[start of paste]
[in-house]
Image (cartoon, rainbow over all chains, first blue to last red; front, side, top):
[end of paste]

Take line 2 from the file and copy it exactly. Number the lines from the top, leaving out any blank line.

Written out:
Image (cartoon, rainbow over all chains, first blue to last red; front, side, top):